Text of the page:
Jul 26 2007
Texas Governor Rick Perry has appointed outspoken creationist, Don McLeroy, to head the Texas State board of Education. Yikes!
One of the recurring themes of this blog is that science should never be subverted by ideology. Science needs to be open, honest, transparent, and driven by an uncompromising dedication to method. Science education should reflect this. Ideology places a preferred belief ahead of methodology, and therefore must pervert the scientific method, strain logic, and compromise honesty. Creationism is the poster-child of ideology perverting science.
It’s good to see the science blogger community jumping on this issue. Defcon appears to have broken the news. The Bad Astronomer correctly points out that Texas has a disproportionate effect on the school book industry, so this decision may have repercussions in every state, not just Texas. Pharyngula predicts the appointment will lead to some upcoming legal challenges, and he is probably right.
McLeroy is on record as being an outright evolution denier. He parrots all the tired and discredited clichés of organized evolution denial. In his letter he wrote in 2003 as a member of the State Board of Education, McLeroy demonstrates that he does not understand the methods of science, the application of logic, or the details of evolutionary science that he rejects. These are not qualities that qualify someone to head the Board of Education of an influential state.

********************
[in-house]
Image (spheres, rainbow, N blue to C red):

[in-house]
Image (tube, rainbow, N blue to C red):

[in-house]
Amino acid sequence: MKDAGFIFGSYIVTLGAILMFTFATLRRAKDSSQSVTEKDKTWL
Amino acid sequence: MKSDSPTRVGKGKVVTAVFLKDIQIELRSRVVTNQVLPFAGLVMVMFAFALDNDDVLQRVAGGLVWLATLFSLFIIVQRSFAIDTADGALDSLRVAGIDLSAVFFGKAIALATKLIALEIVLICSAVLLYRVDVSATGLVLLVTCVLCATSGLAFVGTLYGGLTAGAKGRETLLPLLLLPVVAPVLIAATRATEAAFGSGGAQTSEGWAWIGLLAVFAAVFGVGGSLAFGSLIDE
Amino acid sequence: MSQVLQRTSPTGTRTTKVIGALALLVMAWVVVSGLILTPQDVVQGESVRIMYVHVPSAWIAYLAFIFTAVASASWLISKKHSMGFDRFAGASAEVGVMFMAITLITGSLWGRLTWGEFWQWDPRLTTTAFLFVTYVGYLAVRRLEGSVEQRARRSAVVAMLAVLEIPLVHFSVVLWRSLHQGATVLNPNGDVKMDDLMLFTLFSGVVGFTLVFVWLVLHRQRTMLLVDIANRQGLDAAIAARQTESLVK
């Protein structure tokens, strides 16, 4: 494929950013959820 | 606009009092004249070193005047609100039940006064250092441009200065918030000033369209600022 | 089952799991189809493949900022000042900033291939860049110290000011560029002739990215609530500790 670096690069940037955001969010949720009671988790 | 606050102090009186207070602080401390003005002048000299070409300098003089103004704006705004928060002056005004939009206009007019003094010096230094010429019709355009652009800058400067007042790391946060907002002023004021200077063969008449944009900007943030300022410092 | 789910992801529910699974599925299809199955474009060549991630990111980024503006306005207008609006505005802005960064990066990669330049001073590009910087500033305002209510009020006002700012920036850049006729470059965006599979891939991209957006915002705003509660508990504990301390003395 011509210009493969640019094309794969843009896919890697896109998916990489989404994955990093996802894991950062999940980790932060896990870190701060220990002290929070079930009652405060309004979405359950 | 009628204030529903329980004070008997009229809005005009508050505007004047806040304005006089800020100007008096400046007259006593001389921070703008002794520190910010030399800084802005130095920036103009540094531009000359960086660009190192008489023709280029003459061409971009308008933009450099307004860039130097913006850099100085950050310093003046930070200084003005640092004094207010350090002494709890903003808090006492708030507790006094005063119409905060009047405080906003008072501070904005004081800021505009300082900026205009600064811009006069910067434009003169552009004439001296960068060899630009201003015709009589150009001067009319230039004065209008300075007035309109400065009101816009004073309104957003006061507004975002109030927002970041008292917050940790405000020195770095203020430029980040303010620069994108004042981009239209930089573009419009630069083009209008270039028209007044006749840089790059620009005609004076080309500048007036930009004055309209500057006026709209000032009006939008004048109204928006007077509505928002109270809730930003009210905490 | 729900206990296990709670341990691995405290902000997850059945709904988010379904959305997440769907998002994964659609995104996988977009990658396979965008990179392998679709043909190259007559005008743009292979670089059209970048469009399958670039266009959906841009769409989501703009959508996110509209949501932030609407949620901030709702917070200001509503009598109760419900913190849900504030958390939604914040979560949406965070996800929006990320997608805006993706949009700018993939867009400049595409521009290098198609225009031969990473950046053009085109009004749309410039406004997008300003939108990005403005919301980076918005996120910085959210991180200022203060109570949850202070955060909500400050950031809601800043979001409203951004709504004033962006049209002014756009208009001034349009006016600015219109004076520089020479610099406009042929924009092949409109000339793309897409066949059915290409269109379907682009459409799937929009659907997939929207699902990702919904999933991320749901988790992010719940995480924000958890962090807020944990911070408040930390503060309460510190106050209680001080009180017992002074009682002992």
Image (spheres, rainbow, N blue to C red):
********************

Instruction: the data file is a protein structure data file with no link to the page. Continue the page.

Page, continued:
Let me point out a few outrageously ignorant comments in his letter as examples:
In the notes section at the end of the letter he writes:
“My challenge to the evolution supporters is to not attack any group, not to argue against a bunch of straw men, but to respond to the questions raised in this analysis.
 The deductive logic of this statement follows: (1) a designer would not have made an eye with a blind spot, (2) the eye has a blind spot, therefore (3) “common descent” produced the eye. This is an invalid argument with an unknowable premise. (DBB 223)”
You will notice that he implies evolution supporters argue against straw men, and then in the next comment he lays out a blatant straw man. The presence of a blind spot is not the evidence for the evolution of the vertebrate eye. The evidence for common descent of the vertebrate eye comes mainly from anatomical and biochemical homology.